If you start saving early in your child’s life, you can afford to take a riskier approach in the initial years. The closer you get to needing the money, however, the less acceptable risk becomes. For example, a sharp downturn in the stock market right when you need money can be devastating if your investments are in market-sensitive securities.
Regardless of which savings vehicles you use, it’s key that you stay connected to your investments. Handing them over to a financial advisor blindly is usually not in your best interest. Understanding and participating in your own investment decisions almost always makes more sense.
There are two main types of savings vehicles I recommend you consider:
The “529 Plan” and the Wealth Creation Trust.
The 529 Plan is the most common way to save for college. This college savings opportunity is named for the section number of the Internal Revenue Service Code that provides for its use. Under a 529, taxes are not paid on the earnings if used for college, including tuition, books, and living expenses. If the money in a 529 Plan is not used for college, however, a 10% penalty is assessed on the earnings (though the principal may still be withdrawn tax free).
The Wealth Creation Trust on the other hand, does not offer any tax savings, but it does offer more flexibility. You can establish a Wealth Creation Trust for your child at an early age and then ask all of your family members to contribute to the trust for the benefit of your child at important events, birthdays and other rites of passage. The funds in the Trust are then held for the benefit of your child, who can eventually become a Trustee of the Trust and learn to manage the assets when she hits a level of maturity you determine to be appropriate.
Funds in a Wealth Creation Trust can be used not only for education, but to start a business, travel the world, purchase a home, or for any other purpose you determine.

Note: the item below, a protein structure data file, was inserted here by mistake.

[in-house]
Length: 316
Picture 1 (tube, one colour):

Sometimes when contemplating how to pay for college, parents are tempted to tap into money that has been set aside for other purposes–most notably, retirement. Using these funds, however, can affect a student’s eligibility for various need-based tuition assistance programs. Retirement funds withdrawn to pay college expenses must be reported on the Free Application for Federal Student Aid as additional income.
Consequently, the Expected Family Contribution derived from the FAFSA will be higher and will therefore reduce the possibility of financial assistance when using retirement funds.
Two bright spots in the challenge of paying college expenses are the American Opportunity Tax Credit and the Lifetime Learning Credit. These are tax credits that allow a student or her parents to reduce their tax liability dollar for dollar based on tuition payments. The AOTC gives a credit of 100% of the first $2,000 in tuition- costs, and 25% of the next $2,000. The Lifetime Credit allows a credit of 20% of the first $10,000 in tuition costs regardless of how many children are incurring the expenses. Both programs have income limits to qualify: $180,000 and $130,000 respectively for those married and filing joint tax returns. If single, the limits are $90,000 and $65,000.
One of my favorite things about being a personal family attorney is building lifetime relationships with my clients. I am able to serve as a resource for them as they navigate the same challenges I face in life — and yes, saving for my kids’ college is a big one! If that’s the kind of relationship you’d like to have with your lawyer, give us a call and schedule a Family Estate Planning Session with me. We’ll look at your unique family situation, goals, and challenges. If things aren’t quite where you want them to be we’ll look at strategies, tools, and techniques to help get you there.